Mount Shasta had no light on it but the Graham Lava Flow had a subtle red glow.
I found myself on the north side of Mount Shasta last night, looking over the magnificent Shasta Valley as the sun set. I was hoping to capture the mountain, with its bare, snowless flanks turning red in the light of the setting sun. Yet clouds play odd games with the light at times and the mountain barely had any light at all on it. Oddly enough, the Graham Lava Flow, one of Mount Shasta’s largest and starkest lava flows managed to glow warmly as the light somehow slipped through the clouds and lit it up. It was an odd circumstance, that such a low, flat landmark would be bathed in light but the massive, vertical mountain would have none of it.
As interesting as the phenomenon was, I counted it little loss and not much of a disappointment, since, on this evening at least, the real show was to the north. Stretching out before me was the Shasta Valley, hemmed in on all sides by layers of ridges and distinctive peaks. The smoky residue of the McKinney Fire hung in the air and, what would have been unpleasant during the day made for a glorious sunset. The braids of ridges were highlighted against each other and everything was blanketed in a glowing pink light. There was just enough smoky haze to the west that the setting sun was safely visible to the naked eye. It was marvelous.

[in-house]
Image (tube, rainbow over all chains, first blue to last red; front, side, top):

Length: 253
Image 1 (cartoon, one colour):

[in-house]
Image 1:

Obviously, I would rather there was no cause of the smoke but its presence was a welcome sight at this particular sunset. Late summer can be a really mixed bag when it comes to the conditions around Mount Shasta. Smoke is often present, but the mountain gets bare and the rivers run low. Yet in the midst of these conditions great beauty lies hidden, waiting leap out and reveal itself at unexpected moments. This sunset was one such moment. Nonetheless, I have reached my late summer fatigue and I look forward to October and hope that, just maybe, we might get one of those great late September storms.